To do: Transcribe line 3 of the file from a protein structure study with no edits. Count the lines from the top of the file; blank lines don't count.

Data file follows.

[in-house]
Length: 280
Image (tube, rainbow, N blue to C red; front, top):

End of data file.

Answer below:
Image (tube, rainbow, N blue to C red; front, top):